Notes from the Field: Seth’s Three Cents

volunteers
Exchange students from Singapore removing invasive species at Ravenswood Pond in Menlo Park.

With a new school year recently underway and our native planting season beginning in a few short months, I took some time this past weekend to reflect upon the two and a half years I’ve spent with Save The Bay. Ultimately, I identified a handful of personal opinions formed while leading habitat restoration programs with Save The Bay. Anyone who has spent time with me in the field has probably listened to me harp on some of the themes discussed below, and while I do not intend to come across as prophetic or prescient, I firmly believe in these three ideas:

1. Almost nothing is static. People change, cultures evolve, economies fluctuate, and landscapes are perpetually in a state of transformation, albeit a gradual one. Back in the fall of 2011 I applied Jared Diamond’s theory of landscape amnesia to the San Francisco Bay. Humans often fail to recognize changes when they occur gradually enough to be imperceptible to the human eye. While we may look at the shape of the Bay and assume it remains unchanged, in reality the outline and appearance of our estuary has shifted dramatically—due to geology, climate, and human impact—and will continue to shift due to these same variables.

Though humans’ impact on the Bay has been ecologically destructive in the post-Gold Rush era, this momentum can be reversed through progressive legislation and physical reparation. Our land use advocacy and on-the-ground wetland restoration accomplishes exactly this: changing the shape of San Francisco Bay in an ecologically beneficial manner. Personally witnessing two and a half years of work at our restoration sites has proven to me that our approach really works; degraded wetland areas can be improved at a terrific pace. As we look towards a future challenged by the threats of climate change, water scarcity, and loss of biodiversity, maintaining a dynamic view of our relationship with the California landscape will be critical to finding creative, sustainable solutions.

2. Everyone cares. I’d like to suggest that Community-based Restoration be renamed “Global Community-based Restoration.” The sight of 50 or 60 Bay Area locals showing up to volunteer at 9am on a rainy Saturday morning will never fail to impress me. That being said, even more astonishing are the groups of volunteers from Los Angeles, Pennsylvania, and even Singapore we’ve witnessed demonstrating the same dedication and respect for our projects that the locals do. Despite the likelihood that these volunteers will never visit our sites again, they still take the time to plant each native seedling with care, recognizing that while we do not necessarily all share a bay in common, we do share oceans.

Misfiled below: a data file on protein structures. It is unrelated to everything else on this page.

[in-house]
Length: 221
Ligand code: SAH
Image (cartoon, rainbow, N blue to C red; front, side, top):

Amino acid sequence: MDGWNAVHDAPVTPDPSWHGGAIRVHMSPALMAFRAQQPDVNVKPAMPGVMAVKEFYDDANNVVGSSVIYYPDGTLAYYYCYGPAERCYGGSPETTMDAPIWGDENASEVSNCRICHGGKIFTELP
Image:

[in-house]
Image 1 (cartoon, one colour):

Peter Baye
Local wetland ecologist Peter Baye, Ph.D, walking down a bike path flooded by king tides last winter.

3. It’s all about the “watershed” perspective. One cannot talk about the health of San Francisco Bay without also considering the health of the Pacific Ocean, the Sierra Nevada Mountains, and the polar ice caps. Melting glaciers at the poles are raising ocean levels worldwide, which means that our Bay will also experience a rise in water levels. In anticipation of this change, local scientists are focusing research on wetlands’ ability to migrate vertically and keep up with rising waters. One major variable in determining the success of vertical migration is the availability of adequate sediments (dirt, sand, and other materials) present in Bay water. The majority of these sediments originate from the Sierra Nevada mountains and travel to the Bay via the Sacramento and San Joaquin Delta.

In recent years the sediment load entering the Bay has decreased significantly due to river damming and diversion in the Sierra Nevada and Central Valley. This sediment supply chain connects the future of coastal Bay communities with the water politics of the San Francisco Bay watershed, an area comprising 40% of California’s landmass. As you might guess, this is just one of many complex interrelationships impacting the Bay. What this means is that San Francisco Bay conservation and restoration cannot just be a local issue; effective action will require state-wide participation and collaboration. Everyone will have a role, and the more we can educate ourselves and maintain a big picture view, the better off our state will be.

Care to discuss any of these ideas in person? Come volunteer with us.